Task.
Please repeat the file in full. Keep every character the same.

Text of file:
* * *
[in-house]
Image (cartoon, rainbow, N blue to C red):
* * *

[in-house]
Image (cartoon, rainbow, N blue to C red):